Verizon doesn’t care about Sprint and T-Mobile’s merger, says it’ll win 5G race
“We frankly don’t care,” is Verizon’s CEO Lowell McAdam’s response to the recently announced plan for competitors Sprint and T-Mobile to merge. His comment came during an interview ahead of the carrier’s annual shareholder’s meeting, according to the Seattle Times. McAdam had been asked to comment on the impending arrival of a sizable new competitor, and added, “We don’t have a point of view on whether it goes through or it doesn’t.”
The T-Mobile and Sprint merger has been tried twice before. Neither time has resulted in success, but this time it seems both firms have agreed on terms and conditions. The new company will be called T-Mobile, and will be home to 126 million customers, or around 25 million fewer than U.S. market leader Verizon. T-Mobile CEO John Legere called it, “A larger, stronger competitor that will be a force for positive change.”
While Verizon’s CEO is publicly nonplussed about the merger, expect a considerably increased amount of hype — as if it was needed — around 5G technology in the near future. Verizon considers itself the most prepared of the competition when it comes to the next generation of wireless connectivity. T-Mobile and Sprint are using 5G as a major selling point of the merger, and Legere is rarely quiet about anything that helps sell his company to customers, and in this case, regulators overlooking the merger.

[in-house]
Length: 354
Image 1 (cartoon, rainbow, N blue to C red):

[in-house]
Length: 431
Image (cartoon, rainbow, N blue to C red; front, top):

“Services are going to be broadened, prices are going to go down, speeds are going to go up. If you liked the competition before, you’re going to love what’s coming with this one,” he proclaimed to CNBC. Moving on to 5G, he said, “We are behind. It’s the early innovation cycle of 5G. We are behind China. This is not something we can allow.” Sprint CEO Marcelo Claure agreed: “The U.S. needs to lead in 5G. The only want to lead 5G is by combining Sprint and T-Mobile. AT&T cannot do it. Verizon cannot do it.”
Unsurprisingly, Verizon’s McAdam doesn’t see it that way. He estimated to GeekWire a merged T-Mobile and Sprint will take two years to get up and running, and Verizon will make the most out of that time. He summarized his feelings by saying, “I don’t think the merger matters from a 5G perspective.”
It’s not the first time Verizon has talked up its 5G prowess. At a telecoms conference in March, Verizon Wireless president Ronan Dunne said the carrier would deliver the best service in 5G, like it had done with 2G, 3G, and 4G LTE. “That’s one thing you can be absolutely certain about. Everything else will be fake news,” he’s quoted as saying. Like Verizon, AT&T also plans a limited launch of 5G in several U.S. cities this year.
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